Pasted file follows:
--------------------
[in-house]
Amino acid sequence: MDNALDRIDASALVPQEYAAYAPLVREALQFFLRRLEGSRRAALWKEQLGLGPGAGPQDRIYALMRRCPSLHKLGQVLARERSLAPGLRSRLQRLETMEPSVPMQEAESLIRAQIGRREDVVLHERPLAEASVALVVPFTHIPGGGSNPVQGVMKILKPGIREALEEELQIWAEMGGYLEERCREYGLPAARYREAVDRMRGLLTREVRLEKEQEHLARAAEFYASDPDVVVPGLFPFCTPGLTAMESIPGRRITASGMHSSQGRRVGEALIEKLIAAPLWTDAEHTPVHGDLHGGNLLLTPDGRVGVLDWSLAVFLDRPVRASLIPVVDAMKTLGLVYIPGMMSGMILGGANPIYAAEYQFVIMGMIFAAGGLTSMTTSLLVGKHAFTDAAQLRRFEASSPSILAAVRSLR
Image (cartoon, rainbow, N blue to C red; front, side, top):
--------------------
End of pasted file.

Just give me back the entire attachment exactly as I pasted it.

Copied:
[in-house]
Amino acid sequence: MDNALDRIDASALVPQEYAAYAPLVREALQFFLRRLEGSRRAALWKEQLGLGPGAGPQDRIYALMRRCPSLHKLGQVLARERSLAPGLRSRLQRLETMEPSVPMQEAESLIRAQIGRREDVVLHERPLAEASVALVVPFTHIPGGGSNPVQGVMKILKPGIREALEEELQIWAEMGGYLEERCREYGLPAARYREAVDRMRGLLTREVRLEKEQEHLARAAEFYASDPDVVVPGLFPFCTPGLTAMESIPGRRITASGMHSSQGRRVGEALIEKLIAAPLWTDAEHTPVHGDLHGGNLLLTPDGRVGVLDWSLAVFLDRPVRASLIPVVDAMKTLGLVYIPGMMSGMILGGANPIYAAEYQFVIMGMIFAAGGLTSMTTSLLVGKHAFTDAAQLRRFEASSPSILAAVRSLR
Image (cartoon, rainbow, N blue to C red; front, side, top):